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Is it true that $$\operatorname{li}(x)-\operatorname{Ri}(x) \sim \frac{1}{2}\operatorname{li}(x^{1/2}) \ (x \to \infty),$$ where $$\operatorname{Ri}(x) = \sum_{n = 1}^\infty \frac{\mu(n)}{n} \operatorname{li}(x^{1/n}) = 1 + \sum_{k = 1}^\infty \frac{(\log x)^k}{k \cdot k!\ \zeta(k+1)}$$ for all $x > 0$? If so, how can one prove the given asymptotic?

Note that \begin{align}\label{lirieq} \lim_{x \to \infty} \frac{\operatorname{li}(x) - \operatorname{Ri}(x)}{\frac{1}{2}\operatorname{li}(x^{1/2})} = 1- 2\lim_{x \to \infty} \sum_{n = 3}^\infty \frac{\mu(n)}{n}\frac{\operatorname{li}(x^{1/n})}{\operatorname{li}(x^{1/2})} = 1-2\sum_{n = 3}^\infty \lim_{x \to \infty} \frac{\mu(n)}{n}\frac{\operatorname{li}(x^{1/n})}{\operatorname{li}(x^{1/2})} = 1, \end{align} provided that the given limit can be interchanged with the given sum. However, I am unable to justify interchanging the limit with the sum.

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2 Answers 2

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Yes, the stated asymptotics (and much more) is true. The idea is to truncate $\operatorname{Ri}(x)$ appropriately.

Let us use the series representation (see here) $$\operatorname{li}(t)=\gamma+\log\log t+\sum_{k=1}^\infty\frac{(\log t)^k}{k\cdot k!},\qquad t>1.$$ This implies $$\operatorname{li}(t)=\gamma+\log\log t+O(\log t),\qquad 1<t<e,$$ hence also $$\operatorname{li}(x^{1/n})=\gamma+\log\log x-\log n+O\left(\frac{\log x}{n}\right),\qquad n>\log x.$$ As a result, for $x>3$ we get \begin{align*}\sum_{n>\log x} \frac{\mu(n)}{n} \operatorname{li}(x^{1/n})&=O(1)+\sum_{n>\log x}\frac{\mu(n)}{n}\left(\gamma+\log\log x-\log n\right)\\[6pt] &=O\left((\log\log x)^2\right)+\sum_{n=1}^\infty\frac{\mu(n)}{n}\left(\gamma+\log\log x-\log n\right)\\[6pt] &=O\left((\log\log x)^2\right).\end{align*} Here we used that $$\sum_{n=1}^\infty\frac{\mu(n)}{n}=0\qquad\text{and}\qquad\sum_{n=1}^\infty\frac{\mu(n)\log n}{n}=-1$$ by the prime number theorem. To summarize so far, $$\operatorname{Ri}(x)=\sum_{n\leq\log x} \frac{\mu(n)}{n} \operatorname{li}(x^{1/n})+O\left((\log\log x)^2\right),\qquad x>3.$$ The error term on the right hand side can probably be improved, but this is not important. In the sum, we detach the first three terms (corresponding to $n=1,2,3$) and estimate the rest trivially. We get $$\operatorname{Ri}(x)=\operatorname{li}(x)-\frac{1}{2}\operatorname{li}(x^{1/2})+O\left(\frac{x^{1/3}}{\log x}\right),\qquad x>3.$$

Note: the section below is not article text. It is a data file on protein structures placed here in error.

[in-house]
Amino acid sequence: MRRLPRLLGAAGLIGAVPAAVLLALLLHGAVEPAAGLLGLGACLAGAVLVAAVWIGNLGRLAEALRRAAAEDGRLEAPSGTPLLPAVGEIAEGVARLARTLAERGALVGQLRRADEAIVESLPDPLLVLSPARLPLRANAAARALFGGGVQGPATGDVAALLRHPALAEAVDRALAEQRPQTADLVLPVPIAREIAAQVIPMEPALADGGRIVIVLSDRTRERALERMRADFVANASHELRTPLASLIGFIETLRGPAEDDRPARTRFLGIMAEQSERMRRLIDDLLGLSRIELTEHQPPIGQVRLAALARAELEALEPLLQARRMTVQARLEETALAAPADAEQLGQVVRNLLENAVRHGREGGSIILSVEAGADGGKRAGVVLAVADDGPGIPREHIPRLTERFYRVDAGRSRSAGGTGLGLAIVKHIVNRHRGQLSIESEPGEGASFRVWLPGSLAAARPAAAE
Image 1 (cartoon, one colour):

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    $\begingroup$ Thanks! Your proof yields the stronger fact that the defining series expansion for $\operatorname{Ri}(x)$ is also an asymptotic expansion for $\operatorname{Ri}(x)$ at $\infty$. I suspected this to be true and am glad that your proof confirms it. Strangely I couldn't find a proof of this anywhere in the literature. $\endgroup$ Aug 19, 2018 at 21:07
  • $\begingroup$ Thanks for accepting my answer, I am glad I could help! $\endgroup$
    – GH from MO
    Aug 19, 2018 at 21:59
  • $\begingroup$ I'd like to provide this proof in a paper of mine. For now I've cited "GH from MO" and this link. If there is an alternative way you'd like me to cite this you can email me at Jesse.elliott@csuci.edu. $\endgroup$ Aug 21, 2018 at 23:39
  • $\begingroup$ @JesseElliott: I sent you an email. $\endgroup$
    – GH from MO
    Aug 22, 2018 at 12:42
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Since we have $${\rm Ri}(x)=1+\sum_{k\ge 1}\frac{(\log x)^k}{k\cdot k!\zeta(k+1)},$$ which is convergence absolutely for all $x>0$. Therefore we can use the L'Hospital's rule, and by $$\sum_{n\ge 1}\frac{\mu(n)}{n}=0$$ we have
\begin{align} \lim_{x\rightarrow +\infty}\frac{{\rm li}(x)-{\rm Ri}(x)}{\frac{1}{2}{\rm li}(x^{1/2})}&=\lim_{x\rightarrow +\infty}\frac{\frac{1}{\log x}-\frac{1}{x\log x}\sum_{k\ge 1}\frac{(\log x)^k}{k!\zeta(k+1)}}{\frac{1}{2}\frac{1}{\log(x^{1/2})}\cdot\frac{1}{2}x^{-1/2}}\\ &=\lim_{x\rightarrow +\infty}\left(2\sqrt{x}\left(1-\frac{1}{x}\sum_{k\ge 1}\frac{(\log x)^k}{k!}\sum_{n\ge 1}\frac{\mu(n)}{n^{k+1}}\right)\right)\\ &=\lim_{x\rightarrow +\infty}\left(2\sqrt{x}\left(1-\frac{1}{x}\sum_{n\ge 1}\frac{\mu(n)}{n}(x^{1/n}-1)\right)\right)\\ &=1-2\lim_{x\rightarrow +\infty}\left(\frac{1}{\sqrt{x}}\sum_{n\ge 3}\frac{\mu(n)}{n}(x^{1/n}-1)\right). \end{align} On the other hand, for $x$ sufficiently large, $$\sum_{3\le n\le x}\frac{\mu(n)}{n}(x^{1/n}-1)\ll x^{1/3}\log x$$ and $$\sum_{n>x}\frac{\mu(n)}{n}(x^{1/n}-1)\ll \sum_{n>x}\frac{1}{n}\left(\exp\left(\frac{\log x}{n}\right)-1\right)\ll \sum_{n>x}\frac{\log x}{n^2}\ll 1.$$ Hence we get $$\lim_{x\rightarrow +\infty}\left(\frac{1}{\sqrt{x}}\sum_{n\ge 3}\frac{\mu(n)}{n}(x^{1/n}-1)\right)=0.$$ Which completes the proof.

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